Tandleman said...

Ah Matt.Two, or maybe three things. I am correct about the prices. I know. I was there. £2 a third for all drafts. I asked E and that was her correction too. Your pricing would make t even cheaper than Southwark and it wasn't.

As for my ribbing of hipsters, that's my idea of (occasional) fun. I have not been writing my blog to make a career, persuade people to drink beer (though that comes into it) or to please you - or indeed anyone else. I do it for me. For my own amusement and as a challenge to put things across to people in my way. Blogging should be annoyingly individual in my opinion.

Don't worry though. I'll probably get bored of hipsters soon, though they still for the moment are hugely fascinating to me.

Tandleman said...

Oh and another thing Matt. I last mentioned beards in June this year in an otherwise positive article about Mother Kelly recommended to me by you. There was one passing reference to hipsters some time before that but only using the word. Nothing else for many months.

I confess to remarking in my Indyman article that there seemed to be less hipsters in Manchester than London.

So maybe you just think I do?

Tandleman said...

Response one should say "recollection" of course.

Steve said...

I've been to A&H many times and my recollection of the prices is closer to Matt's, though I think the glasses were 330ml rather than 2/3. Thirds did not appear to be on offer.

That said, I've not been in for a month or perhaps two.

Back then people were queuing up Druid Street. Revised pricing, which I'll therefore have to take your word for, might therefore reflect demand far outstripping capacity.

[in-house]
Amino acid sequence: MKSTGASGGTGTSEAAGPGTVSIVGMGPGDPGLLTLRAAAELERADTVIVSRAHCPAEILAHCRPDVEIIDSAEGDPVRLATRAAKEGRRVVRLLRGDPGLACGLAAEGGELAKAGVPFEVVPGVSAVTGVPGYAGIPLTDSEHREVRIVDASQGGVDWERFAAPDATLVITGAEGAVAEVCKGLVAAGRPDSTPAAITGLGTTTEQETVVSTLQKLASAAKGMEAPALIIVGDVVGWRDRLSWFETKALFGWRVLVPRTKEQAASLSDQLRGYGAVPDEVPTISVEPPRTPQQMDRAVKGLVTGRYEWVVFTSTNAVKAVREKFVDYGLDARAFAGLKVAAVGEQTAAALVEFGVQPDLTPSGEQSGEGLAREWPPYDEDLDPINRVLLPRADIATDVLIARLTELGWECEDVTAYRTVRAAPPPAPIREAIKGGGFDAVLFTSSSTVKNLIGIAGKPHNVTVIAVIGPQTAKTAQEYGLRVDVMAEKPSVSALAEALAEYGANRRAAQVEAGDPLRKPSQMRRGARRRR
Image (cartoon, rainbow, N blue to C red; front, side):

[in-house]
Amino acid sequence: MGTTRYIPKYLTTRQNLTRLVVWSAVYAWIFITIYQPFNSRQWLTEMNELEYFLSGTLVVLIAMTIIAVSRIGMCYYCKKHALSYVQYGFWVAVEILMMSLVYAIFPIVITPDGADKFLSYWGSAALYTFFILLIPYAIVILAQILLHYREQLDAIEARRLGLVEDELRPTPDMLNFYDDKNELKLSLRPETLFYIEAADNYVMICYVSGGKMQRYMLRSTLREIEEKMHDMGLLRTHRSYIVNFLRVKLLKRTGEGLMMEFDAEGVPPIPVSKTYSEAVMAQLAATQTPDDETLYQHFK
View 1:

Which wouldn't be an enormous surprise, since the beer is some of the best in the country right now.

Tandleman said...

Steve: Pretty sure I'm right, but maybe it was halves that were £2 each? My eyesight isn't what it used to be. Looked like thirds. Surely they wouldn't be illegally selling 330 ml on draught?

Either way it seemed more costly than its neighbour, but pricing wasn't my main point, popularity was.

ABrewHaHa said...

Sadly I can't enthuse about Southwark Brewery, when I went a few weeks back I thought the beers dull and listless. Maybe it was a case of early days and things have improved. But first impressions count.
Thoroughly enjoyed doing the mile and would recommend it as an enjoyable way to spend Saturday afternoon. Some great beers, even if a bit pricy,

Anonymous said...

I think you will find A+H beers are probably the dearest beers around London.Probably they were busy because they brew better beer.Price is not something that seems to bother the young London drinkers.Nor sparklers although I am with you on that.London beers need sparklers.cheers john

Rocket said...

Ron- just back from London weekend break , these breweries where a little to far out from my Kentish town hotel. But Camden town brewery tap is a great place to sample along with the southampton arms and the superb (newly refurbished) rose and crown .

http://www.kentishtowner.co.uk/2014/06/23/torriano-reborn-rose-crown/


Tyson said...

Good stuff. You'll be happy to know that I agree with your assessment of Southwark: the Best is too old fashioned for my palate but it is what it is.

Don't let the kids send you off running to Specsavers just yet. When I went to A&H it was £3 for a glass or you could have a third of cask and a third of keg for £5.So £6 a pint is right in the ballpark.

Tandleman said...

Cheers Tyson. I thought I was right hut Matt had me doubting myself. Tsk!

Jeffrey Bell said...

Setting aside price, I'm surprised at the kind words for Anspach and Hobday's beer above. Before the brewery first launched I was given a bottled sample of something Belgian and was very impressed. All downhill since then, and others have said the same to me. The atrocious beer I pictured in my own recent post on London Murky was A&H.